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CABI Book Chapter

Long distance transport and welfare of farm animals.

Book cover for Long distance transport and welfare of farm animals.


The book is a compilation of articles on the effect of animal transport on the food safety and quality, health and welfare of livestock animals for agricultural and processing industry. The implication of long distance transport of animals for slaughter is highlighted. Topics discussed are: science of animal welfare; economics; physiology of diseases; legislation; meat quality; enforcement of tran...


Chapter 11 (Page no: 288)


This chapter brings together information gathered from a variety of sources in key countries across Asia (China, India, Pakistan, Bangladesh, Sri Lanka and the region of Taiwan), chosen to highlight a range of contexts in which live transport takes place and to examine the extent of welfare concerns regarding live animal transport and opportunities for change. Meat consumption and live animal transport are increasing across Asia. In China, factors that may have tended to lead to a large and increasing live animal transport industry include: * The large size of the country; * Increasing urbanization; * Increasing consumption of meat, especially among urban populations; * Long distances between some significant areas of production and consumption; * A preference for freshly killed meat; and * Reduction in localized production. Animals are transported from all over China to key centres such as Beijing, Shanghai and Hong Kong involving journeys of up to 2500 km. Animals are transported live for sale at wet markets or for slaughter in modern slaughterhouses such as at Shenzhen north of Hong Kong. China also has a developing live export trade to Muslim countries such as Malaysia, Jordan and Kuwait. The same basic principles apply to live transport elsewhere in Asia. Distances travelled in Taiwan are shorter, but the same processes have occurred as the population has urbanized, become wealthier and meat consumption has increased. Most consumption is in the north including the capital Taipei; most production is in the centre and south and there is a demand for 'warm', freshly killed meat. On the other hand, imports and exports of live animals have been low since the outbreak of foot-and-mouth disease in 1997. Live animal transport in India involves fewer animals than in China. Less meat is consumed, but consumption is increasing rapidly as the economy develops. An issue is the transportation, often long distance, of worn-out draught oxen and dairy cattle. Most Indian states have banned cattle slaughter for religious and moral reasons, so many of these animals are transported to Kerala and West Bengal or exported to Pakistan and Bangladesh. In Bangladesh, animals from all over the country and those from India are transported to markets in the capital Dhaka. Countries across Asia are developing legislation to protect the welfare of animals. Indian legislation includes rules which guide transport of poultry, pigs and cattle. For religious reasons, some Indian states have passed laws to prohibit transport of animals, especially cattle, for slaughter. China has not yet passed specific animal welfare legislation, but its Animal Husbandry Law (AHL) includes measures for conditions during transport, and there is also legislation relating to disease control during transport. In Taiwan, the Animal Protection Act includes legislation about transport, and Animal Transport Management Regulations were enacted in 2005, partly derived from World Organisation for Animal Health (OIE) standards. Much needs to be done, both to pass legislation in line with the new OIE standards and to enforce that which is on the statute book. Research across Asia shows that, in addition to long journeys, animals are often subjected to long periods without food or water, rough handling and overcrowding. They are often carried in vehicles in which they cannot be protected from extremes of weather. There are many cases of actual abuse listed in this chapter, such as forced watering in China and the use of sharp sticks to goad animals in India. A top priority must be to reduce transport times. As journey length increases, animal welfare tends to decrease. Reducing journey times requires the development of local and regional slaughterhouses with high health and welfare standards together with an infrastructure of refrigerated transport. Markets for frozen and refrigerated meats need to be developed as higher living standards are attained. Consumers need to be educated to demand high welfare food. The food industry needs to respond by demanding high standards of its suppliers, and governments by ensuring good legislation and enforcement. All those involved in animal transport and marketing need to be trained to a high professional standard and then treated and respected accordingly.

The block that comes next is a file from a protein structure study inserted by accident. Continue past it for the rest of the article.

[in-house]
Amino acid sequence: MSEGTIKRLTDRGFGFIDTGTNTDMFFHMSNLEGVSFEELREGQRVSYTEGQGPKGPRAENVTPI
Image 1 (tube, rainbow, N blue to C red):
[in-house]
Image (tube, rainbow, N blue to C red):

Other chapters from this book

Chapter: 1 (Page no: 1) Science of animal welfare. Author(s): Appleby, M. C.
Chapter: 2 (Page no: 18) Economic aspects. Author(s): Appleby, M. C. Cussen, V. Garcés, L. Lambert, L. A. Turner, J.
Chapter: 3 (Page no: 69) Physiology and disease. Author(s): Manteca, X.
Chapter: 4 (Page no: 77) Meat quality. Author(s): María, G. A.
Chapter: 5 (Page no: 113) Enforcement of transport regulations: the EU as case study. Author(s): Cussen, V. A.
Chapter: 6 (Page no: 137) The welfare of livestock during sea transport. Author(s): Phillips, C. J. C.
Chapter: 7 (Page no: 157) The welfare of livestock during road transport. Author(s): Broom, D. M.
Chapter: 8 (Page no: 182) Africa. Author(s): Menczer, K.
Chapter: 9 (Page no: 218) North America. Author(s): Engebretson, M.
Chapter: 10 (Page no: 261) South America. Author(s): Gallo, C. B. Tadich, T. A.
Chapter: 12 (Page no: 324) Australia and New Zealand. Author(s): Fisher, M. W. Jones, B. S.
Chapter: 13 (Page no: 355) Europe. Author(s): Corson, S. Anderson, L.
Chapter: 14 (Page no: 387) Middle East. Author(s): Rahman, S. A.

Chapter details

  • Author Affiliation
  • Social Sciences Department, University of Huston-Downtown, Huston, USA.
  • Year of Publication
  • 2008
  • ISBN
  • 9781845934033
  • Record Number
  • 20083129001